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The Padres Path To The No. 1 Farm System

The Padres’ path to the No. 1 farm system was laid with three consecutive top 10 draft picks, a series of veteran-for-prospect trades and $80 million spent on the international amateur market in 2016-17.

Getting talented players into the organization was only the first step. In order to become the No. 1 farm system, the Padres’ player development staff had to successfully mold that talent.

“I think for all of our 70-plus staff members on our development side, it’s a great privilege to be working with this group of players that might not come around again in our baseball careers,” Padres farm director Sam Geaney said. “It’s also a huge responsibility. We don’t want to screw things up.”

As much as the organization’s amateur scouting, the Padres’ development staff has amassed a strong record of successfully preparing players for each level of the minors in recent years.

Top prospect after top prospect has successfully jumped from the Class A levels to the upper minors. That stream of successful ascensions is as responsible as any other factor for making the Padres’ system the best in the game, as well as one of the deepest systems of the decade.

“I’d like to think we have played a small part in kind of uncovering some of those guys with some of the work we have done and some of the programs we have put in place to kind of allow for some of the guys who were at the time they signed a fringier talent to blossom,” Geaney said. “We’ve definitely seen it, but it’s a collaborative effort between the scouting groups and us.”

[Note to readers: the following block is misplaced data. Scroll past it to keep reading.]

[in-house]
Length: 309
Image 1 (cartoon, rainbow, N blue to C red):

The most visible effects of the player development department’s influence can be seen in the strength and conditioning of the Padres prospects.

Pitchers Adrian Morejon, Luis Patiño and Andres Muñoz have all added 35 or more pounds since signing as teenagers. With the added strength has come 5-10 mph velocity boosts.

Fernando Tatis Jr., Tirso Ornelas and Hudson Potts joined the Padres as big-bodied teenagers who scouts worried would slow down as they got older. Instead, all three have gotten quicker while continuing to add strength.

In the case of those and other players in the system, their physical development could have gone sideways and slowed their rise. Instead Padres prospects have developed into phenoms.

By and large, the Padres’ player development staff has successfully moved many of the system’s top prospects either to the majors or right to the cusp. Very shortly, they’ll be handing them off to the major league side, the mark of a job well done in player development.

Luis Patino Alex Trautwig MLB Photos Via Getty Images

Luis Patiño Nearing Majors With Padres Thanks To Velocity Increase

Luis Patiño's fastball now touches 99 mph, which is more than 10 mph faster than when he first arrived in San Diego’s organization.

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